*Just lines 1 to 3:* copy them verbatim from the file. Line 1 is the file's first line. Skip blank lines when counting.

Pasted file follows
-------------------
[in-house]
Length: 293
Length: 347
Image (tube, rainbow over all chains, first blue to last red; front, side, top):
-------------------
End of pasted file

[in-house]
Length: 293
Length: 347